To: Tamara Evans
Cc: Love, relationships, God
Subject: Where you been
Hey again, it’s your old, old friend self-worth. I know we’re not very familiar with one another because it’s been a long time since we’ve been acquainted. It’s almost like we’ve just met, that’s how long it’s been. Somewhere around high school we started losing touch, and while you were in college I seemed to lose you completely. We haven’t had much contact since. I’m really glad to find that I’m seeing you more and more lately.
I know it’s a struggle to hang on to me. It can be hard to notice that you actually carry me with you every day. I am quickly forgotten, easily concealed, and difficult to recognize. Most days there’s a temptation to look for me externally, in other people or things. Please understand that I don’t reside there- I’m your SELF-worth, and so I can be found only within yourSELF, where I have been all along. All you ever needed to do was seek me by seeking yourself, but that is much easier said than done.
Finding me again is work. The world around you will try to fool you into believing that buying things, looking a certain way, or becoming who other people want you to be will bring me back to you. Please don’t be seduced by their lies. No man or woman can provide me in a package, pill or potion, either. Once you clear away the wreckage of your past and form a relationship with yourself, you’ll come to see that I am a gift. I am delivered to you as you grow to become the woman you were always meant to be and never knew it.
This blog has taken me a long time to write because I have struggled heavily with self-worth as of late, and I am under no false illusion that I will easily conquer this ongoing battle any time soon. As a recovering addict, and especially as a woman in recovery, finding love for myself, finding self-esteem, and reclaiming my dignity is hard enough. Learning to unearth these things while maintaining a balance between the humility necessary to keep me grounded and the pride I allow myself to feel when recognizing my accomplishments only further complicates matters. This balancing act is a prime example of why it is so strongly suggested that we, as addicts and alcoholics, should use the steps, a sponsor and sober supports to guide us in our recovery. The waters are murky. The navigation is complicated. It is far too easy to be pulled off course.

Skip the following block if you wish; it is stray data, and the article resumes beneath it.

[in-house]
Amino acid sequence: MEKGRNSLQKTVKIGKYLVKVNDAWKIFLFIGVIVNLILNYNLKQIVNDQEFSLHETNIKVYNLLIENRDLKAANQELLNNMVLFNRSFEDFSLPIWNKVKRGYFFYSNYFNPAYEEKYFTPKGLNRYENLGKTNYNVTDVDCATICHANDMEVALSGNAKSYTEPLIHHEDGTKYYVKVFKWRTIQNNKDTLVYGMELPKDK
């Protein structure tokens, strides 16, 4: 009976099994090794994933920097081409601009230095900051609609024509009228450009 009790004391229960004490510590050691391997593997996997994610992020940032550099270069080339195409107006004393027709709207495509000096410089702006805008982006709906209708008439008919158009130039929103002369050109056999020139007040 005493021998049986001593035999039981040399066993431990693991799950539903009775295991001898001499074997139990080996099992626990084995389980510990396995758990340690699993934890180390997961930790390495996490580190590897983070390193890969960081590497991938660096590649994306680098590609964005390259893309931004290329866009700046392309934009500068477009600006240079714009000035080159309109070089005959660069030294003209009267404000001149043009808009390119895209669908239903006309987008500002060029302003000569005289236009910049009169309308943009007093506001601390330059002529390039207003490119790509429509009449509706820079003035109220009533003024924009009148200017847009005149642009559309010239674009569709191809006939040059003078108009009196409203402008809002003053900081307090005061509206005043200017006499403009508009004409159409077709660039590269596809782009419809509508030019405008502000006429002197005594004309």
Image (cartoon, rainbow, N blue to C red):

The temptation to get validation from outside of myself is strong. A person I admire or am attracted to is giving me attention? Let. Me. Tell. You. A. Thing. It feels lovely, that’s without question.
I’m here to tell you that in my experience, external validation is transient. Fleeting.
This doesn’t mean there is no place for appreciating others’ approval or genuine care, but it is a thin line to tread when it comes to early recovery and how we build our foundations.
I have both experienced (meaning I, myself, have relapsed off of a rehab romance breakup) and watched as people get in and out of relationships and flings in early recovery, believing no harm is being done. I have seen people live through the usually inevitable end of these relationships.
I have seen both parties relapse.
I have seen one of them relapse.
I have seen one of them die.
I have seen both of them die.
I say I had to learn the hard way, and maybe most people do, but maybe someone reading this doesn’t. Please understand I’m not saying that everyone who ‘hooks up’ or dates in early recovery is destined to have it blow up in their face; I certainly thought I was an exception, until I wasn’t. What I *am* saying is that the root issue, the searching for external validation- and especially from a romantic partner who is also in early recovery- is not treated with enough seriousness or addressed often enough in my opinion.
For me, staying out of a relationship has been key in learning to love myself, learning how to be alone with myself and my thoughts, and finding my ‘long-lost’ self-worth. My self-worth never actually went away, I’ve come to find. It is a fixed thing- regardless of how people perceive me or how I see myself, I am worthy and valuable. People and their opinions of me will change over time. I am worthy and irreplaceable because I am a human being with a soul and a unique set of contributions I can make to this world and to the people in it.
Here’s the awesome news: So are you.
You matter. Waking up every day and internalizing that is an ongoing process, but it is so vital.
We sell ourselves short in recovery when we choose to place someone else’s opinion of us over our opinion of ourselves. I fortify my self-worth when I work to contribute the community around me, both within and outside of recovery. I remind myself I’m worthy of love when I show love to others, when I lend an ear to a friend in need, when I lift up other women like me. I demonstrate my capabilities to grow when I study hard before a test, practice guitar, or even do drudging chores like cleaning my room or taking care of my car.
Today I know that my self-worth is not rooted in what one person thinks of me. It is intrinsic, unchanging, and based upon my relationship with myself and with my higher power. For that, today, I’m grateful.
So go be awesome, because you’re awesome.